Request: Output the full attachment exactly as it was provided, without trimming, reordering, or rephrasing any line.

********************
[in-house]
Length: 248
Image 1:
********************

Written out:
[in-house]
Length: 248
Image 1: